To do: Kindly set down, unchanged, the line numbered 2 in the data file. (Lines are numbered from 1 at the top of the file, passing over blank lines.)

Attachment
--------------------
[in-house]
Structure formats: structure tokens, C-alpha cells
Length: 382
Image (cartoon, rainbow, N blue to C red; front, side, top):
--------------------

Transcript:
Structure formats: structure tokens, C-alpha cells